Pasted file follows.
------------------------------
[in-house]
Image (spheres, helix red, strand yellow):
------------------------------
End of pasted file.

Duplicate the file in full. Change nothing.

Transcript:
[in-house]
Image (spheres, helix red, strand yellow):